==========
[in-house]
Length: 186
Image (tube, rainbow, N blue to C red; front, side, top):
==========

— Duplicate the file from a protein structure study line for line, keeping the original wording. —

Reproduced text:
[in-house]
Length: 186
Image (tube, rainbow, N blue to C red; front, side, top):